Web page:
This qualitative study seeks to understand healthcare coverage access for postpartum women – a key gap in the fragmented women’s health safety net system – and offers recommendations for improving access to coverage.
Texas is home to the country’s highest percentage of uninsured new mothers. Nearly half of births in Texas are covered by Medicaid for Pregnant Women, coverage that ends 60 days post-delivery, leaving new mothers uninsured as they try to navigate the fragmented system of care.
This study identified three key areas for action to increase access to public healthcare coverage for underserved women:
- Close the information gaps among women, providers, and advocates regarding the Texas Family Planning Program and Healthy Texas Women and encourage provider participation.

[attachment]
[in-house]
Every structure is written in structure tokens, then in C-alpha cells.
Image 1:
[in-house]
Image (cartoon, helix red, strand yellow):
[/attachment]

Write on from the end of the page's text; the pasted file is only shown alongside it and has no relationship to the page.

- Improve processes to facilitate women’s transition between Medicaid for Pregnant Women and Healthy Texas Women.
- Bolster the Texas Family Planning Program to expand its reach and scale its impact.
The report is a product of the Postpartum Access to Healthcare (PATH) Project, a study of the system and experience of care during the postpartum period for underserved women in Central Texas. PATH is a project of the Texas Collaborative for Healthy Mothers and Babies (TCHMB), the state perinatal quality collaborative. The PATH Project was supported through a grant from St. David’s Foundation through the Healthy Women and Girls priority area. It supports the goal of ensuring that girls and women are supported with the resources, respect, and conditions vital for equitable health and well-being.